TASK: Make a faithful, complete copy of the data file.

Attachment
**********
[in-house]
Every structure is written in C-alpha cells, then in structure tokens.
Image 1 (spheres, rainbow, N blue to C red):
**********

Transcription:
[in-house]
Every structure is written in C-alpha cells, then in structure tokens.
Image 1 (spheres, rainbow, N blue to C red):